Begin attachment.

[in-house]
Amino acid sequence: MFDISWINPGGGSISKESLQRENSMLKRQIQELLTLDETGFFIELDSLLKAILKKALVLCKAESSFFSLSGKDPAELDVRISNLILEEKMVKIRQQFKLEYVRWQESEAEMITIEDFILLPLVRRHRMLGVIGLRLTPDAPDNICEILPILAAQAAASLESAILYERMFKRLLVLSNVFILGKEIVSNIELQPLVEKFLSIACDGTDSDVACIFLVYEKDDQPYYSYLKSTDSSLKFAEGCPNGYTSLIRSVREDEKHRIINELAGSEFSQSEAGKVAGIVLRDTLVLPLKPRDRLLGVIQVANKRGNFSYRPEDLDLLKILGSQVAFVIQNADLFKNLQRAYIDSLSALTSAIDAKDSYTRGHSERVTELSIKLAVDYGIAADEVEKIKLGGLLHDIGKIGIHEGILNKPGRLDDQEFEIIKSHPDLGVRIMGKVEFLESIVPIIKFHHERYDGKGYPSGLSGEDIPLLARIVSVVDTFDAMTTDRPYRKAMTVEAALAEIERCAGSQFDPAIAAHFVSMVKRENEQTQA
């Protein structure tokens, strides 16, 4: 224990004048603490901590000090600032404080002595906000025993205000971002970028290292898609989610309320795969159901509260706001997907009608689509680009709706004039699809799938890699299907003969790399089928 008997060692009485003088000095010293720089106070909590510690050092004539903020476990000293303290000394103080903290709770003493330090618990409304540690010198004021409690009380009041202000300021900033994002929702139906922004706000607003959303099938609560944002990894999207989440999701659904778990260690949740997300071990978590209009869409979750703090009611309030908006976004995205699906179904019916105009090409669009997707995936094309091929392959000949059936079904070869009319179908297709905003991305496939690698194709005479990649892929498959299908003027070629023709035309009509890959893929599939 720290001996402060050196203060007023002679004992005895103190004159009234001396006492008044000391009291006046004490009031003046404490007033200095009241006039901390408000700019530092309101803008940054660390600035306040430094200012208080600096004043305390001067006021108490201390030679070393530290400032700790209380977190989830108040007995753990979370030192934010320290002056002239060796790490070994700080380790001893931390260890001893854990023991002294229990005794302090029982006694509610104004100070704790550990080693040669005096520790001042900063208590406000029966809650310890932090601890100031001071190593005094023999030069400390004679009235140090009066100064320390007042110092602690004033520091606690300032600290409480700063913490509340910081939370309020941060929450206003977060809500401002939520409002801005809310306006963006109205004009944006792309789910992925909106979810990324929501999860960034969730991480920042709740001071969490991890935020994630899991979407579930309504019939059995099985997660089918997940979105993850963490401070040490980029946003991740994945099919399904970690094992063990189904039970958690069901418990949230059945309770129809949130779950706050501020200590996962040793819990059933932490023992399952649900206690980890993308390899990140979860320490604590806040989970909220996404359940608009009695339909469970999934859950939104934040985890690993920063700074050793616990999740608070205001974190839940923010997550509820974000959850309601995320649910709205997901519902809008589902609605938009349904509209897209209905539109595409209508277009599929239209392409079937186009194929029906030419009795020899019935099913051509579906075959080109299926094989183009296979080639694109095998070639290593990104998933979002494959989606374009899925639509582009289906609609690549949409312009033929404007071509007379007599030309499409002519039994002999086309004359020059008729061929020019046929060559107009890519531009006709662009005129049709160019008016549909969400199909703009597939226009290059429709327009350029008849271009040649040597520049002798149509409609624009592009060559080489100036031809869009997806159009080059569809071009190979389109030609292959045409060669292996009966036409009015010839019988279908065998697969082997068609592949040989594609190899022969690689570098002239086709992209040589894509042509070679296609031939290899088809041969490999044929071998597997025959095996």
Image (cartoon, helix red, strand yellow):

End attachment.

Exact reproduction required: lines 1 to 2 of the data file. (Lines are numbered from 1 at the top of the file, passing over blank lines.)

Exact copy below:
[in-house]
Amino acid sequence: MFDISWINPGGGSISKESLQRENSMLKRQIQELLTLDETGFFIELDSLLKAILKKALVLCKAESSFFSLSGKDPAELDVRISNLILEEKMVKIRQQFKLEYVRWQESEAEMITIEDFILLPLVRRHRMLGVIGLRLTPDAPDNICEILPILAAQAAASLESAILYERMFKRLLVLSNVFILGKEIVSNIELQPLVEKFLSIACDGTDSDVACIFLVYEKDDQPYYSYLKSTDSSLKFAEGCPNGYTSLIRSVREDEKHRIINELAGSEFSQSEAGKVAGIVLRDTLVLPLKPRDRLLGVIQVANKRGNFSYRPEDLDLLKILGSQVAFVIQNADLFKNLQRAYIDSLSALTSAIDAKDSYTRGHSERVTELSIKLAVDYGIAADEVEKIKLGGLLHDIGKIGIHEGILNKPGRLDDQEFEIIKSHPDLGVRIMGKVEFLESIVPIIKFHHERYDGKGYPSGLSGEDIPLLARIVSVVDTFDAMTTDRPYRKAMTVEAALAEIERCAGSQFDPAIAAHFVSMVKRENEQTQA